Are childhood asthma rates declining?
Childhood asthma has made headlines in recent years because of an upward trend in the number of cases. That may have changed: A government study published in the journal Pediatrics shows asthma rates may be leveling off or declining, but not for poor children.
Researchers at the National Center for Health Statistics looked at asthma rates between 2001 and 2013 and found rates increased until 2009 when they plateaued. Then in 2013, rates began to decline except for children in poverty. The researchers did not examine why the decline or leveling off is happening, but they say it may have to do with declines in air pollution and stabilizing childhood obesity rates.
"While the leveling off of childhood asthma is encouraging, it may be a bit too early to confirm there is actually a decline in rates. I think we need more data from 2013 to be absolutely sure," says Mayo Clinic Pediatric Allergist and Immunologist Avni Joshi. "However, there does appear to be a leveling off of childhood asthma rates that mirror the rates of childhood obesity and exposure to secondhand smoke. This leveling of childhood asthma rates does not appear to be happening for children living in poverty where there is continued exposure to environmental risk factors such as smoke exposure, obesity and high levels of stress."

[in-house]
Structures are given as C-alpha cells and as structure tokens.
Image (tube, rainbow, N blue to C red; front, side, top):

The Centers for Disease Control and Prevention says in the United States an estimated 6.8 million children have asthma, and for all ages the disease is responsible for 14.2 million trips to the emergency department.
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